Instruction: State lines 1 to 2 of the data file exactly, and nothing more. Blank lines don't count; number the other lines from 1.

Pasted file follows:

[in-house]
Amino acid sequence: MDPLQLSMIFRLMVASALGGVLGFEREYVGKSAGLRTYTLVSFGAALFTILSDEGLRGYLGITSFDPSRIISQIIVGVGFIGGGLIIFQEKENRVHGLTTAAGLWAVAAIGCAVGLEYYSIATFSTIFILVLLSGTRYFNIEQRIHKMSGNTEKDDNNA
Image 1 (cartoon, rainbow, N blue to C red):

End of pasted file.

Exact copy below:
[in-house]
Amino acid sequence: MDPLQLSMIFRLMVASALGGVLGFEREYVGKSAGLRTYTLVSFGAALFTILSDEGLRGYLGITSFDPSRIISQIIVGVGFIGGGLIIFQEKENRVHGLTTAAGLWAVAAIGCAVGLEYYSIATFSTIFILVLLSGTRYFNIEQRIHKMSGNTEKDDNNA